.243 Win....enough for hogs?

Discussion in 'Hog Hunting' started by Sully2, Aug 24, 2016.


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  1. snox801

    snox801 Well-Known Member

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    Even a mis place shot with a large caliber is bad a gut shot hog with anything will make it a long ways. And as JE said they like to get even. I do like the faster follow up shot of a small caliber 300 blk or .223. But if I'm heading into the woods stalking a wounded pig or going after a monster boar I do pick up the .458 socom. Haven't found a pig that walks away from that thing. Just a dam heavy ar.
     
  2. geo4061

    geo4061 Well-Known Member

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    Just got back from a hog hunt in central Texas. Shot one at 525 facing me with a 30 mph cross wind. It spun squealed and ran off. Buzzards found two days latter 50 yards away in cedar thicket. Next shot running at 260 yards hit in front of rear ham. Spun around and ran 50 yards to nearest cedar thicket. No blood trail and did not exit. These were shot with a 300 RUM 230 Berger at 3000 fps. We killed 14 more using thermals mounted on a 308 AR using 158 grain Hornady. None were DRT. Head or neck shots were out since the hogs were very nervous and moving. There were heart, lung, and anal to neck. Most ran at least 50 yards and most much farther They were extremely hard to find. Most were found a couple of days later by the buzzards. They run for the nastiest thickest thicket on the place filled with cactus. 243 I don't think so. If you have not been on a thermal hunt you need to go. It was a thrill.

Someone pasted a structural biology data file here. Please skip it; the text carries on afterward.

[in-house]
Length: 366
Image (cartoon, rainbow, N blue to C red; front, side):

3. bayjoe

    bayjoe Member

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    I would sure go for something bigger if you got it. I've seen 300 pound boars hit broad side right in the heart area and they just kept right on going.
     
  4. geo4061

    geo4061 Well-Known Member

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    If you are going for meat, shoot small hogs. If you take your time ,have a great hold , shoot at short range, hunt from a blind over a feeder and aim for the neck or side of the head an accurate 243 is probably a good choice.
     
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  5. Sully2

    Sully2 Well-Known Member

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    I fully intend on "outfitting" with someone that has a stand...up the ladder sort of thing. If a wounded hog wants to climb a ladder after me....he is in for a big suprize...:D
     
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  6. 300whisper

    300whisper Well-Known Member LRH Team Member

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    Yeah that shoulder blade is insane. They'll die, but after about a 200 yard run into the thickest crud the south has to offer. That's where they level the playing field.
     
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  7. rickt300

    rickt300 New Member